This story of a loser sounds too common and too sad to be read further, but Henry Siddons did not give up, and seems to have been an intelligent and loveable person. Sir Walter Scott, a close friend of his mother’s, had enough faith in his competence to secure him the license to manage the Edinburgh theatre, a notoriously struggling business which Henry ran in a constant state of “hypochondriac fears”, his uncle complained.**
There were two successful achievements in Henry’s life, after all: he wrote a manual on Practical Illustrations of Rhetorical Gesture and Action (1807), adapted from Engel’s Ideen zu Einer Mimik of 1785. It was intended to give the Regency actor tips on every passion they might need to simulate on stage – Love, Pride, Grief, Tranquil Joy, Distraction and Persuasion, even Fashionable Impudence had their own posture – but over sixty years later the graphic depictions of human physical behaviour during extremes of emotional stress, or mundane social interaction, were consulted by Charles Darwin in his research for The expression of the emotions in man and animals (1872).
The other success was that though Henry never found his holy grail of acting, he found true love and happiness in his marriage in 1802 with Harriet Murray, the daughter of a respected Scottish actor, and a highly capable, intelligent, independent woman in her own right.
Harriet was respected by her mother-in-law, and by Henry’s cousin, the actress Fanny Kemble, who considered her one of the most remarkably self-controlled and forceful personalities she ever met, under cover of the most gentle and charming manner imaginable. She acted being herself, which is not the same as being a fake.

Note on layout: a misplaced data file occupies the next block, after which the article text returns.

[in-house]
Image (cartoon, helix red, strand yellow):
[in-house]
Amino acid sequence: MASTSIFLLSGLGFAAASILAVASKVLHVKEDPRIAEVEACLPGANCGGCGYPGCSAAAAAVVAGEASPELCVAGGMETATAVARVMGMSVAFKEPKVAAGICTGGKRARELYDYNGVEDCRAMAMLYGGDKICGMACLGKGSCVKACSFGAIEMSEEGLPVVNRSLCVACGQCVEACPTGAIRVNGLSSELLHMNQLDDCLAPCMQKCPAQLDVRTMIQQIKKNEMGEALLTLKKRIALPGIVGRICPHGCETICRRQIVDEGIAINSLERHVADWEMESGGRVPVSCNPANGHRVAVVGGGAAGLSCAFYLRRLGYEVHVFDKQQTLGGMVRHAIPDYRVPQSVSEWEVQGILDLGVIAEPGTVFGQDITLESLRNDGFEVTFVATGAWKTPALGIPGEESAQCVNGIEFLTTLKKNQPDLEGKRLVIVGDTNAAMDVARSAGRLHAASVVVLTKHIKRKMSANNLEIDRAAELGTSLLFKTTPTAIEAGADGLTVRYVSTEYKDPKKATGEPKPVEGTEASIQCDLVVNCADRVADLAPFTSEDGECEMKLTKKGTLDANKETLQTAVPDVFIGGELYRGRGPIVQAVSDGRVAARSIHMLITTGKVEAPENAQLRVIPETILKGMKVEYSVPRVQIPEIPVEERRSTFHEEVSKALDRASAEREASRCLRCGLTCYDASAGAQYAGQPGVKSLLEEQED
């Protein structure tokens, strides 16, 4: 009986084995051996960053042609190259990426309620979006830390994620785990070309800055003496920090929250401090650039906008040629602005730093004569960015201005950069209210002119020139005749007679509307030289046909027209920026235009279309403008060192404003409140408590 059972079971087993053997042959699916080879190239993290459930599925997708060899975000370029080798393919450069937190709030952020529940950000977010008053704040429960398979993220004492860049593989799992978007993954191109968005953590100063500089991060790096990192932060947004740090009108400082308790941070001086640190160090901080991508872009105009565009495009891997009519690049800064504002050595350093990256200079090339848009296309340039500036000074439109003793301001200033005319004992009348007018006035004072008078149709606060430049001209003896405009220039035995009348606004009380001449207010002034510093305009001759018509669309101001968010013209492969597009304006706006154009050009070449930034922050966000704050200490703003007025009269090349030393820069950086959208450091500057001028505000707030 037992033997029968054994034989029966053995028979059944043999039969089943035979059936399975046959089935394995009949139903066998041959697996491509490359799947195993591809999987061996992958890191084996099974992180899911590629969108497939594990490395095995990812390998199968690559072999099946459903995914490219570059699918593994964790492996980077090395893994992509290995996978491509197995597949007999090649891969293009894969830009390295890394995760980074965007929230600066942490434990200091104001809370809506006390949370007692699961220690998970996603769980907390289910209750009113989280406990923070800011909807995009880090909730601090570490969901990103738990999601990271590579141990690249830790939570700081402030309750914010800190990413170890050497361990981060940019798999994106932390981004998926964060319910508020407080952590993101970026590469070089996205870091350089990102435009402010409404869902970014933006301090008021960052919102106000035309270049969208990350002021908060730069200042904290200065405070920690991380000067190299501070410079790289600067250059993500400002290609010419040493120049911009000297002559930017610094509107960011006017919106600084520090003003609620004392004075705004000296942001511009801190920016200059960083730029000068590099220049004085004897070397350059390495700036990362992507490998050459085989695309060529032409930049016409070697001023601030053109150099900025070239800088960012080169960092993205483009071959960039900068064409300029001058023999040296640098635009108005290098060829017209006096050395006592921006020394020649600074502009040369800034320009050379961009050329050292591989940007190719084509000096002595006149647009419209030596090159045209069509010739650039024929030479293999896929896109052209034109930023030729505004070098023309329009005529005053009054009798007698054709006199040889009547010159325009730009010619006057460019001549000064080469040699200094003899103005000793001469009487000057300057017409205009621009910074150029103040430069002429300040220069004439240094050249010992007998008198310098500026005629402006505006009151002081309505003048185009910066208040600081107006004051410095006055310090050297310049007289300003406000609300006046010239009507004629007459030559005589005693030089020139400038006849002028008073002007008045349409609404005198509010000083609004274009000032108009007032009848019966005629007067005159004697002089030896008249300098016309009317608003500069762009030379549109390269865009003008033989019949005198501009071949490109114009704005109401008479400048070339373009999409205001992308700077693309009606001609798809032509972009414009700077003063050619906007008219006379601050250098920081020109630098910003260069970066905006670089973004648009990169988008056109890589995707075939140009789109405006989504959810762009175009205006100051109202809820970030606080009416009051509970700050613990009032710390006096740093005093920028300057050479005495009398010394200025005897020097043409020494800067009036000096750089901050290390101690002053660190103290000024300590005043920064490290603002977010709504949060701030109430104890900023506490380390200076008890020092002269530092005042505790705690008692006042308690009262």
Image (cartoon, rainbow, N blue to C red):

His sister Sally noticed that Henry was so nervous at his wedding, shaking and “pale as death”, that in his eagerness he said ‘I will’ and tried to put on the ring too soon; the self-composed bride “looked very beautiful in a white chip hat, with a lace cap under it.”***
There was no happy ending for them as a couple: Henry died of consumption in 1815, aged forty, leaving Harriet with four young children to bring up and bequeathing her the license for the Edinburgh theatre, which she ran successfully in business with her brother for twenty-one years.
Harriet Murray Siddons (1783 – 1844) by John Wood, portrait miniature. Image source: Wikipedia
Loving wife and mother, and successful career woman, she confounded Mary Wollstonecraft’s ideal of women as independent “rational creatures” by exploiting instead of abandoning her “fascinating graces…to stand alone”.
“Henry Siddons was a sensible judge of dramatic poetry and, as a player, he had merit in certain parts, as well as industry and application. But he was not a great actor. He was by far too sensitive for the vocation, and felt all its rubs and criticisms with too morbid acuteness. His very resemblance to his mother was a misfortune to him, by always challenging invidious comparison. Mrs Siddons told me he was the most unfortunate man in his choice of a profession, but the most judicious and happy in the choice of a wife.” From Thomas Campbell’s ‘Life of Mrs Siddons’, 1834
* Sarah Siddons. letter to Mrs Pennington, 2 June, 1801
** Letter from Sir Walter Scott to Daniel Terry, May 5th, 1825
*** Letter from Sarah Martha Siddons to Patty Wilkinson, July 2, 1802